Blue Water Bridge
Blue Water Bridge
|Carries||6 lanes of I-69 / I-94 and Highway 402 (westbound span, 3 lanes; eastbound span, 3 lanes)|
|Crosses||St. Clair River|
|Locale||Port Huron, Michigan and Sarnia, Ontario|
|Official name||Blue Water Bridge|
|Maintained by||MDOT and Federal Bridge Corporation|
|Design||Cantilever truss (westbound)|
Continuous tied arch (eastbound)
|Total length||6,178 ft (1,883 m) (westbound)|
6,109 ft (1,862 m) (eastbound)
|Width||38 ft (12 m) (westbound)|
51 ft (16 m) (eastbound)
|Height||210 ft (64 m) (westbound)|
233 ft (71 m) (eastbound)
|Longest span||871 ft (265 m) (westbound)|
922 ft (281 m) (eastbound)
|Clearance below||152 ft (46 m) (westbound)|
155 ft (47 m) (eastbound)
|Opened||October 10, 1938 (westbound)|
July 22, 1997 (eastbound)
|Toll||Cars: US$3.00 or C$4.00 (to Canada) and US$3.25 or C$4.25 (to US) As of January 28, 2020[update]
Extra axles: US$3.00 or C$4.00 (to Canada) and US$3.25 or C$4.25 (to US)Trucks & buses: US$3.25 or C$4.25 per axle (to Canada) and US$3.50 or C$4.50 per axle (to US). C$4.25 per axle with Prepaid Account (to US).
The Blue Water Bridge is a twin-span international bridge across the St. Clair River that links Port Huron, Michigan, United States, and Sarnia, Ontario, Canada. The Blue Water Bridge connects Highway 402 in Ontario with both Interstate 69 (I-69) and Interstate 94 (I-94) in Michigan.
The original span is a cantilever truss bridge with a total length of 6,178 feet (1,883 m) and a main span of 871 feet (265 m). The second, newer span is a continuous bowstring arch bridge with a total length of 6,109 feet (1,862 m) and a main span of 922 feet (281 m).
The Blue Water Bridges are jointly owned and maintained by Canada and the United States: Federal Bridge Corporation, a Crown corporation of the Government of Canada, is in charge of the Canadian side, while the Michigan Department of Transportation (MDOT) is in charge of the US side. A toll is charged to cross the bridges, which is used to pay for maintenance and operations.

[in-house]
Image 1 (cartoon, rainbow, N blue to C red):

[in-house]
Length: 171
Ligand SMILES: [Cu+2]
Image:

Together, the two bridges connect Chicago and the Midwestern United States with Toronto and the Northeastern United States, one of the four shortest routes of land travel between the US Midwest and Northeast. They are the second-busiest commercial crossing on the Canada–United States border, after the Ambassador Bridge at Detroit-Windsor, and the fourth-busiest overall international crossing in Ontario in terms of total number of vehicles at 4.7 million annually as of 2011[update]. In Canada, they are the third-busiest bridges after the Champlain Bridge in Montreal and the Ambassador Bridge.
The Port Huron–Sarnia Border Crossing connects the cities of Port Huron, Michigan and Sarnia, Ontario at the Blue Water Bridge. Both the US and Canada border stations are open 24 hours per day. The US Customs and Border Protection upgraded its inspection facilities in 2011, and Canada Border Services Agency upgraded its facilities in 2012. In 2017, inspectors at Port Huron processed 1,579,646 cars and 826,288 trucks.
A US Port of Entry was established at the location in 1836, when a license to provide commercial ferry service between Port Huron and what then was known as Port Sarnia. The license was issued to a Canadian man named Crampton who operated a sailboat. In the 1840s, a man named Davenport, also from Port Sarnia, operated a pony-powered vessel. Steam-powered vessels and paddle wheelers soon followed, but the first vessel capable of carrying automobiles did not arrive until 1921.
The first bridge was fully opened to traffic on October 10, 1938. The lead engineer was Polish-born Ralph Modjeski. This bridge originally had two lanes for vehicles as well as sidewalks; the latter were removed in the 1980s to make room for a third lane for automobiles. The third lane for each direction started from the apex of the bridge in order to accommodate long lineups entering each sides' respective border crossings.